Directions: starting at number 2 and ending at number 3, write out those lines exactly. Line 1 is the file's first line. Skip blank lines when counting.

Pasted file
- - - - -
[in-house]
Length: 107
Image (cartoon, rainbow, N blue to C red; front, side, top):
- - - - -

Length: 107
Image (cartoon, rainbow, N blue to C red; front, side, top):